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'Angry, hurt, hopeless': Here is how Yukoners are feeling after the Roe v. Wade overturn

Around 40 Yukoners got together at Rotary Park in Whitehorse to share their thoughts and feelings on the Roe v Wade overturn on abortion rights in the United States.

Around 40 Yukoners got together at Rotary Park in Whitehorse last week

Brooke Graham stands in Rotary Park on Thursday, June 30.
Brooke Graham, who has family members in the United States, said she's feeling 'uneasy' with the Roe v. Wade overturn and what it means for Canadians. (Sissi De Flaviis/CBC)

Earlier this year, Brooke Graham, a Whitehorse resident, had an emergency hysterectomy – a surgical procedure to remove her uterus due to a large fibroid.

Fibroids are noncancerous growths of smooth muscle cells in the uterus that often appear during childbearing years.

Although it wasn't an easy decision to remove her uterus, it was a necessary procedure to have a "healthier life," said Graham.

Now, she's constantly thinking about women's reproductive rights, health and the lack of research in the field.

People form a circle outside on grass.
Around 40 Yukoners got together at Rotary Park in Whitehorse to share their thoughts and feelings on the Roe v Wade overturn on abortion rights in the United States. (Vincent Bonnay/Radio-Canada)

"I think about if there weren't these types of options ... if there hadn't been an option for me, or a choice for me, to say that I don't want children," she said.

Graham was one of the 40 individuals who spent their lunch hour at Whitehorse's Rotary Park on June 30 voicing support for abortion rights.

People in the crowd shared their thoughts on the United States Supreme Court's recent decision to overturn Roe v Wade – the landmark ruling that used to guarantee the right to abortion for more than 50-years in the country.

"I'm feeling a lot of [feelings]. A lot of anger, a lot of rage, a lot of sadness and grief and a real sense of uneasiness of what does the future hold even here in Canada," said Graham who is also thinking of the women she supports through her work at the Women's Transition Home and her family who lives in the United States.

The ruling in the U.S. has caused a polarizing discussion across North American, sparking all kinds of emotions from shock, rage, fury, and more. That's why Thursday's event focused on venting emotions and "feeling the feels," as Sofia Ashley, the gathering organizer and executive director of the Whitehorse' Victoria Faulkner Women's Centre, said.

"We really feel firmly about any person who's capable of giving birth, having the choice to make the decision about what happens to their body, to their livelihood and to their family," said Ashley. 

Sofia Ashley speaking on the microphone
Sofia Ashley addressing the group of 40 people who attended the 'Roe V. Wade: Feel Your Feels' gathering on Thursday, June 30. She is the executive director of the Whitehorse' Victoria Faulkner Women's Center and Thursday's event organizer. (Sissi De Flaviis/CBC)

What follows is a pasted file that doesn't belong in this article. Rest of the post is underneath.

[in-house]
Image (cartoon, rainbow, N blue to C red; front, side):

Currently, there is abortion access in the Yukon and across Canada. However, Ashley and those in attendance believe this right should not be taken for granted.

Mercedes Bacon-Traplin said she went to the park looking for support, hoping the gathering will offer solidarity and a sense of community.

"I know a lot of women are having a hard time ... not just women, people with uterus are having a hard time processing this and I am too," she said. "I wanted to come here just to know I'm not alone in that feeling."

Bacon-Traplin said it's hard to pick "one feeling" as this is something she had never seen before.

"It fluctuates between really angry, really hurt, feeling kind of hopeless, sometimes feeling determined," she said.

She is also afraid abortion rights could be overturned in Canada as well.

"I think a lot of people are under the misconception that what's happening in the States will not affect us in Canada, when historically that's been proven to be not the case," she said.

"So, I really want [abortion rights legislation] to be codified. I really want it to be written into our law, to the ends of the earth, written in stone."

During the hour-long gathering, the big group of participants stood in a circle for a body movement exercise to "regulate the nervous system," said Ashley. Followed by a sharing activity in smaller circles where people expressed their thoughts and support for one another. 

The group's main message was to give people the choice to choose.

Supporting Alaskans

Kate White, the leader of the Yukon New Democratic Party, was also in attendance. 

Kate White smiling at the camera
Kate White is the leader of the Yukon New Democratic Party. (Sissi De Flaviis/CBC)

She said this is a crucial moment for the United States, Canada, and internationally to understand what this ruling means for body autonomy and a "person's ability to make the choice that's best for them."

"Unfortunately, politicians [have] stereotypes. And it's because there's times where people make decisions for others that they have no business making. In this situation, we talk about abortion, abortion rights and safe access. This is one where people like myself have to speak up and we have to say this is critical," she said. 

White said although abortion procedures are still legal in Alaska, the Yukon has a responsibility — and should be ready — to support Alaskans if the state decides to ban the procedure.

ABOUT THE AUTHOR

Sissi De Flaviis

Reporter/Editor

Sissi De Flaviis is a Venezuelan-born reporter/editor for CBC News in Whitehorse, Yukon. She previously worked at CBC Ottawa. Contact her at sissi.de.flaviis@cbc.ca

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